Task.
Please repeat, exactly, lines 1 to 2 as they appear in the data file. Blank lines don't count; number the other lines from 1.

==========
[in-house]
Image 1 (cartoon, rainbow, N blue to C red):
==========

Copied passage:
[in-house]
Image 1 (cartoon, rainbow, N blue to C red):